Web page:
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Layers Of Fear shows signs of depth. But in the end, all the horror you get is from quick jump scares and surroundings built almost entirely out of tired clichés.

Sure the game got some great moments and an overall creepy mood, but it devalues its great moments with cheap scares and loses all its subtlety. Couple that up with unfulfilling puzzle design and you get a disappointing result of what would otherwise be an overall good horror game.

From the earliest moments, layers of fear’s Victorian horror feels like something you have seen before: you play as an artist, driven to insanity through a creative block that’s made it hard to complete his masterpiece. It’s a setup that’s brimming with the capacity to channel gothic, Dorian gray-fashion dread, and during its high points, Layers Of Fear does illustrate this descent into darkness and anxiety with an interesting approach.

Your private home turns into a nightmarish, labyrinthine dungeon. Doors materialize out of nowhere, new hallways shape mid-flip, and reminders of the terrible lengths you’ve long gone to your art await around each corner. These outcomes look appealing and are pulled off seamlessly, but as opposed to using this as a way to intensify your distrust of your environment, Layers Of Fear ungracefully repeats these interesting visual hints until they feel like a gimmick.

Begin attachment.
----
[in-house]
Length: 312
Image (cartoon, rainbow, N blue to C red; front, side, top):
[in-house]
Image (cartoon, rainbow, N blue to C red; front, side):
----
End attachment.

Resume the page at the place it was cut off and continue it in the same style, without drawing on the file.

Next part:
Walking down the equally predictable hallways just doesn’t make for a scary experience, especially when paired with boring clichés like creepy dolls and angsts wall scribbles. Is crayon art of a burning forest scarier than the hallucinatory nightmare trip through a living residence that’s constantly changing to carry your beyond misdeeds to light? I’d say no, especially when the central part can’t even stand on its own.

Layers Of Fear lacks the surprises and subtlety needed to hold matters exciting all the way through. It makes a solid first impression but quickly exhausts its subtle thoughts, making it difficult for them to shine as scary or significant moments genuinely. It’s hard to be terrified when you may see what’s coming at the end of each long dark hallway.